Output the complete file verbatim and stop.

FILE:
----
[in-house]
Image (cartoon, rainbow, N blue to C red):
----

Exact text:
[in-house]
Image (cartoon, rainbow, N blue to C red):